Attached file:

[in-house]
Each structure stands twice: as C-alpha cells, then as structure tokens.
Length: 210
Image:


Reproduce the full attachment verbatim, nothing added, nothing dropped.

[in-house]
Each structure stands twice: as C-alpha cells, then as structure tokens.
Length: 210
Image: